THE HANSOM CAB
ExhibitionLondon, Hayward Gallery, The Arts Council, Robert Bevan, 1956, cat.no.10 (as The Cab Horse, where lent by Lt.Col. J.K. McConnel), with tour to Hatton Art Gallery, Newcastle; Art Gallery, Southampton; Art Gallery, Plymouth; and Museum & Art Gallery, Leicester
The Hansom Cab is a particularly refined example of Bevan’s urban horse paintings. Owned by family friends of Bevan since first purchase, and not seen in public for nearly seventy years, it demonstrates Bevan’s first-hand knowledge of the French avant-garde through his close contact with the Pont-Aven School in Brittany. Bevan had been allowed to give up the family banking business to study art in London and Paris and he spent time in Pont-Aven in the early 1890s. His work demonstrates his loyalty to the principles of Gauguin whom he met and befriended in 1894 and who gave him several prints. There is no evidence that he had ever met Van Gogh but it is obvious in the swirling trees and landscape of his Breton drawings that he knew his work. Bevan met Cézanne and received encouragement from Renoir, particularly in his drawing of horses.
In his early days, Bevan’s independent wealth gave him time to develop his talent slowly, and to travel widely. From Pont-Aven, he went to Tangier where he became master of the hunt and continuing his life-long love of horses seems to have spent most of his time riding rather than painting. ‘Contemporaries of his youth told us that he was a good and bold horseman’, his son wrote. ‘And though he could not afford to hunt after his marriage, and very seldom rode in England, he continued to study horses not only as types but often as individuals with love and understanding.’ In the summer of 1897 Bevan met the Polish painter Stanislawa de Karlowska and they married in Warsaw.
In 1900, Bevan and his family moved to a large house at 14 Adamson Road, in the Swiss Cottage area of London. Although he abandoned the paintings and lithographs of hunting scenes, he still drew inspiration for subjects from the countryside. He formed the habit of spending the summer on painting trips to various rural locations such as a cottage in Kingston near Lewes, Sussex or with his wife’s family. The summers of 1901, 1903 and 1904 were spent on Bevan’s father-in-law’s estate at Szeliwy, Poland, in Russian occupied territory, where the Karlowski family were substantial and industrious farmers and passionate patriots. Bevan felt an intense affection for them and their country; feelings similar to those he had had for the people of Brittany and his studies of local peasant life show a simplicity akin to life in Pont-Aven. It was here that some of his most colourful work was produced. The influence of Gauguin was key in Bevan’s development, helping him to discover pure, rich colour and broad brushwork which led him to an innovative ‘premature’ Fauvism in 1904, a year before the Fauves' exhibition at the Salon d’Automne in Paris and several years before Roger Fry’s two exhibitions of Post-Impressionist art. His work at this time reflected his first-hand experience with recent French art during his travels on the continent and his oil paintings and watercolours of agricultural scenes of the South Downs or Poland provided motifs with which to explore his concerns with the effects of light and the use of colour.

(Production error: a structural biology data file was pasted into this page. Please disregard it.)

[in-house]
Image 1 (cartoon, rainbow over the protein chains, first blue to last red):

Spencer Gore and Harold Gilman invited Bevan to join the Fitzroy Street Group. This was an important development for Bevan and for the first time since his days in Pont-Aven, and now at the age of forty-three, he was part of a group of painters with shared interests. Bevan was over ten years older than Gore, Gilman and Charles Ginner, of a similar age to Sickert and Lucien Pissarro and like the two older painters, he brought first-hand knowledge of modern French art to the group, having been one of the few Englishmen to have personally known and worked with Gauguin. Perhaps more fundamentally, he was also given an opportunity to sell his work, and for it to be seen by important collectors and critics of contemporary British art.